Here we are now, entertain usWhile I was effecting repairs earlier this spring there were a few workers below who were building my garage. Several times I noticed them looking up towards me. During breaks they'd sit there having a smoke and again gaze upward. They seemed especially interested when I manually twirled the stack of yagis back and forth through their full rotation to test the coax rotation loops.
The crew lead had a smile on his face when I was back on the ground and commented on how much fun I seemed to be having. Curiosity is natural and I'm used to this kind of attention when I climb towers. In turn I often found myself watching them go about their jobs, also out of curiosity, and with a eye to learning how they do what they do.
Even without any nearby neighbours in this remote rural area a few times while on the tower I noticed passing cars slow down to watch me for a few seconds before continuing on their way.
I was reminded of this behaviour once more when I recently took down a small TV tower that a fellow ham had his eye on. He wanted it and the owners wanted to be rid of it. For me it was the pleasure of helping others and distracting myself from the ongoing delay in resuming my own tower work. The rain is pouring down as I type these words.
This last case was a picturesque neighbourhood on a lake shore with a mix of permanent and part-time residents. As we got to work a small crowd gathered. Several of the owners' neighbours came by to chat and watch me work. What was for me a routine task was for them a novelty. Over the 45 years of being a ham I've become used to this sort of thing.
I first noticed this phenomenon back in 1974 when I put up my first tower. Nearly every time I climbed the tower I noticed a few people come out on their decks, sit with their chairs in my directions and quietly watch. Occasionally I would catch a glimpse of a face peering out at me through a window. This suburban area of bungalows in Winnipeg (VE4) was newly built so there were no trees to impede the view.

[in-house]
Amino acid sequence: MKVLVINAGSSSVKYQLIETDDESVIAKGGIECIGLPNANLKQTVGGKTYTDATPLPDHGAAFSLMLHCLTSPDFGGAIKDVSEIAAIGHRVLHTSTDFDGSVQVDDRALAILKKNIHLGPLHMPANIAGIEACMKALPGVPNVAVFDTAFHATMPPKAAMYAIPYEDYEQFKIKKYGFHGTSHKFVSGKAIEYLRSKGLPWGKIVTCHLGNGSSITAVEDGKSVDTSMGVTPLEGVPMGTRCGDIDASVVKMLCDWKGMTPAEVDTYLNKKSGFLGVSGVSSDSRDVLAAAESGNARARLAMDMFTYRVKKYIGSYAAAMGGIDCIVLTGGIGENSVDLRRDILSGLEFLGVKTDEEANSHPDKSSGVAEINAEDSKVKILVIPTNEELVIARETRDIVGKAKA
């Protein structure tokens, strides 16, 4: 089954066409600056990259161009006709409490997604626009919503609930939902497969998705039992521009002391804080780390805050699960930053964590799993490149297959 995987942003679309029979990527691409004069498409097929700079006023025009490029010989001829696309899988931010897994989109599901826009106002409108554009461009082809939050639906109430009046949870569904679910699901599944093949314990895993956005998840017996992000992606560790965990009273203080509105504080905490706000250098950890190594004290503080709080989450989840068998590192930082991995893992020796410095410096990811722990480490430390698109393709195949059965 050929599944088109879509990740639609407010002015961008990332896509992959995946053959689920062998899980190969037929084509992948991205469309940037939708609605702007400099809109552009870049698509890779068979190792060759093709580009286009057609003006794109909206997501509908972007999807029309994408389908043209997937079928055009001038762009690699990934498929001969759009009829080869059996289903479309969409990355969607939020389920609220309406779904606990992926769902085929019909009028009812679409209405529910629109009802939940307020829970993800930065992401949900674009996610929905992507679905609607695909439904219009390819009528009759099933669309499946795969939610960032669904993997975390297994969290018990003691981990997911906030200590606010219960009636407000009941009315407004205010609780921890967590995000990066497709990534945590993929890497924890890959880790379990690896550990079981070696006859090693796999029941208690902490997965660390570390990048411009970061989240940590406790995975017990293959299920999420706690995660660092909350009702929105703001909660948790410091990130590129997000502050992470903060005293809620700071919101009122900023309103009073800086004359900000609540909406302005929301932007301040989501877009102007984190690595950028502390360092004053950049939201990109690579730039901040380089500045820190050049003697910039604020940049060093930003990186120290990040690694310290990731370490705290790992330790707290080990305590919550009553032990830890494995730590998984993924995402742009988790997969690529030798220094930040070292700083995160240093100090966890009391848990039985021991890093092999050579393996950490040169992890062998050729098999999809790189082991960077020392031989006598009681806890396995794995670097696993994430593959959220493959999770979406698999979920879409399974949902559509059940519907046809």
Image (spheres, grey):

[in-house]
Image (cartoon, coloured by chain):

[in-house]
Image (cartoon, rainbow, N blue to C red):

As I did an increasing amount of tower work for others, back in Winnipeg, then Ottawa and elsewhere, the same thing would occur. Inevitably there were watchers in the neighbourhood. A few would come over to chat with the tower owner though most were content to sit and watch from their own yards.
In the early days I admit that I was annoyed by the attention. I couldn't help wondering if they were hoping I'd fall, damage houses through carelessness or had other unworthy reasons. Perhaps they were busybodies looking for a reason to call the authorities and make trouble for me. Those were the days when TV RFI was a commonplace phenomenon and I was always a bit on edge when meeting the neighbours. Being young and unsure of myself didn't help.
Over time I learned to relax. In conversations with some of the watchers I learned that to most people towers are quite intimidating. A few told me of their concerns of an accident occurring and couldn't help paying attention in case their assistance was needed. Others told me of their fascination with an activity that, to them, appeared both dangerous and intriguing. No one was against me.
At worst I provided a mild form of entertainment and at best it was an ice breaker.
I will now preach. But just a little bit. While entertaining the neighbours is harmless it also serves as an opportunity to demonstrate that amateur radio operators are considerate, dependable and knowledgable neighbours. Over the years I have taken to improving my safety practices and those I work with, especially so when working on others' towers, and even more so if the tower owner is not a ham. I have discovered a sense of duty for our hobby.
It inspires confidence when we show up with and use safety equipment. This is not limited to climbing harnesses. Hard hats are incredibly cheap and I make sure I have enough on hand to pass around to the ground crew. I insist on their use. I explain to everyone, including spectators, what I am doing and why I am doing it. This includes the deployment of safety lines and other precautions to prevent property damage.
There will always be those without an interest in the details, though most appreciate that explanations are given. They may only be interested in understanding that the job is being done competently despite being performed by amateurs. In this most recent job I went so far as to explain why some of the equipment I use would never be used by professionals due to increasingly strict workplace practices regulation.
Well, that's enough preaching. Be safe out there and be sure to use tower work as a form of community outreach. We want hams to be seen in a good light. So don't mind the attention we attract, or the entertainment we provide.